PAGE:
Procurement: The Gunrunners Friend

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May 23,2008: A growing number of nations are pressuring China to be more careful who it sells military grade weapons to. Chinese assault rifles are showing up in northeast India, Afghanistan and several other places in Asia and Africa. The Chinese Type 81 assault rifle is one of the most frequently encountered weapons. This is a 7.5 pound rifle that looks like the Chinese Type 56 (itself a copy of the Russian AK-47). The main differences are that the Type 81 has less recoil and "jump" (of the rifle when fired), which improves accuracy.

China is in the process of replacing its own Type 81 rifles with a bullpup (30 round magazine behind the trigger) design, the Type 95 (QBZ-95). This weapon, about ten percent lighter than the older rifle, uses a proprietary 5.8x42mm cartridge, which has a casing that is a little wider, but shorter than that found in the 5.56/45mm NATO round. There is an export version of the Type 95 (the Type 97) that will fire the 5.56mm NATO round. This is also being encountered in the hands of bandits, irregulars and rebels of all sorts.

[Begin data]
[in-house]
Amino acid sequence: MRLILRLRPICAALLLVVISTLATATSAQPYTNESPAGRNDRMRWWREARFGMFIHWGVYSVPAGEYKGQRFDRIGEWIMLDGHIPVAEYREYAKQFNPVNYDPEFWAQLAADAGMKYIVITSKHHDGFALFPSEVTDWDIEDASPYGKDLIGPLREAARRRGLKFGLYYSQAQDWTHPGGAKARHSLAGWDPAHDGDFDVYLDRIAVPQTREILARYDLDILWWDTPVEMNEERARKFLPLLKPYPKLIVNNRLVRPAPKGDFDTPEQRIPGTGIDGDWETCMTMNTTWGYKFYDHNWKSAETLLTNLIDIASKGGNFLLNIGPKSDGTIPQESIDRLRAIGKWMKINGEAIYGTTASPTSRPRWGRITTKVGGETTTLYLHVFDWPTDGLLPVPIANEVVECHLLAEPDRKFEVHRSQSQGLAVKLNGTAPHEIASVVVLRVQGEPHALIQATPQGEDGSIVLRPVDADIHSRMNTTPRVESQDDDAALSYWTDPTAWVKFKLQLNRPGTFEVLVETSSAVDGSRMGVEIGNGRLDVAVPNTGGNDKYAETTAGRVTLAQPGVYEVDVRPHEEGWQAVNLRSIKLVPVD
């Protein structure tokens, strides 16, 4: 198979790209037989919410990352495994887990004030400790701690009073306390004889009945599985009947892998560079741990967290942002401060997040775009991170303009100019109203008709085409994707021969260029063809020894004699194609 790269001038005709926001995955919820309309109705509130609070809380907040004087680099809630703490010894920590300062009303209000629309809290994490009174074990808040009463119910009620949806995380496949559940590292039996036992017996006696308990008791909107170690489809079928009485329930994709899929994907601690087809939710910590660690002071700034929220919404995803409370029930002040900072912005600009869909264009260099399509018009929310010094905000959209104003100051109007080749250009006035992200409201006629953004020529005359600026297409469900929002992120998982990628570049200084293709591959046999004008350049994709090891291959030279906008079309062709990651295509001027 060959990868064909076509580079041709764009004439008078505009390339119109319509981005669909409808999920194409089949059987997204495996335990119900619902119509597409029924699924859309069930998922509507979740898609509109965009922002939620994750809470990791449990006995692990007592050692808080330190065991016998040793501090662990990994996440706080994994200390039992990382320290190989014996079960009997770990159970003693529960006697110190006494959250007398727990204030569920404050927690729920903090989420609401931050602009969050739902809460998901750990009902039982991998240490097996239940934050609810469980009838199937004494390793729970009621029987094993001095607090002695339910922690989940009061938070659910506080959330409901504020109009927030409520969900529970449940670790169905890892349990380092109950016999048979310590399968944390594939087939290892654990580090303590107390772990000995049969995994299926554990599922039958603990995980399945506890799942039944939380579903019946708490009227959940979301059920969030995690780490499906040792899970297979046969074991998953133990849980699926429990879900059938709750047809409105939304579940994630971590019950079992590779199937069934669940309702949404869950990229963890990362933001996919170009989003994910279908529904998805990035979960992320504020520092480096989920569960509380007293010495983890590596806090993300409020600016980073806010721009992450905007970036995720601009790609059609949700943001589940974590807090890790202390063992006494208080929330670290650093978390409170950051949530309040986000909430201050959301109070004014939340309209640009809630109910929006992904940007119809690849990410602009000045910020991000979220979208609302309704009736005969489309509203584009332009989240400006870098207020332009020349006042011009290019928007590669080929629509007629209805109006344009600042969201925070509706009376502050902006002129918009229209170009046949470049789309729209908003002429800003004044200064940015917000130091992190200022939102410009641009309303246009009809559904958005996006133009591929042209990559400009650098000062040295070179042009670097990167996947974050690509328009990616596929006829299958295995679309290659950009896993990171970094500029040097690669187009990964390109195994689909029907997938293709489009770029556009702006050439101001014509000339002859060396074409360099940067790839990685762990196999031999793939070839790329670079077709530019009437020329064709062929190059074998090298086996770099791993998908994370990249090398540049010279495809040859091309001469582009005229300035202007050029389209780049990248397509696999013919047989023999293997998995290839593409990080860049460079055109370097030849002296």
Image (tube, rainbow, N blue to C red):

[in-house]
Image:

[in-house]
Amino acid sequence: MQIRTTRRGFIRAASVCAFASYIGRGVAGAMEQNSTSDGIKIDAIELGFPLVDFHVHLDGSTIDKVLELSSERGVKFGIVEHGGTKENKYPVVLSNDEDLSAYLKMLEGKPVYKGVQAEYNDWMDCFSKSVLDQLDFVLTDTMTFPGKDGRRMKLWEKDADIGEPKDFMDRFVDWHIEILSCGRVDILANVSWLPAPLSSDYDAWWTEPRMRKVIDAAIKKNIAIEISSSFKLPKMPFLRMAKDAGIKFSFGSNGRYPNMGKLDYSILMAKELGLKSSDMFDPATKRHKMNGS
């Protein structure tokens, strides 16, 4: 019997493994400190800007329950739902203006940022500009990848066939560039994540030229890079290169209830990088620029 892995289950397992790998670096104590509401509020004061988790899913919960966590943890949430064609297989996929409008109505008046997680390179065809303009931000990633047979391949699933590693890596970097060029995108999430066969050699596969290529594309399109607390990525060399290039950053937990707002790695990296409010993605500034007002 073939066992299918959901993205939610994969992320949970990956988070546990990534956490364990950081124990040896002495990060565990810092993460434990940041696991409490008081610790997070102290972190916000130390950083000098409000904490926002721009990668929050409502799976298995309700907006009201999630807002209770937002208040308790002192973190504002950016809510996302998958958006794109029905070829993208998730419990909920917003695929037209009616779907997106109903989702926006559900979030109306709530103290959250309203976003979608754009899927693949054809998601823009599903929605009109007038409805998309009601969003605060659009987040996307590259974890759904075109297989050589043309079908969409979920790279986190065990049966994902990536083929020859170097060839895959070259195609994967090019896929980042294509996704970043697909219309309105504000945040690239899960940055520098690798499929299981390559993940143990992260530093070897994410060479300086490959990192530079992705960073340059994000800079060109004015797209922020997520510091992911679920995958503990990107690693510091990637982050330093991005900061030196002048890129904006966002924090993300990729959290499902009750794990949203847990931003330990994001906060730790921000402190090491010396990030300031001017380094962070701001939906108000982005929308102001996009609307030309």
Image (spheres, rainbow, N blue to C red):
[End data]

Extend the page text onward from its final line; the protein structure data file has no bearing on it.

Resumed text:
Apparently, China makes bulk sales to governments in places like Myanmar and Bangladesh, and those weapons make their way to gunrunners, who will sell to anyone with the cash. China refuses to cooperate in tracking down the legal buyers of these weapons.

 


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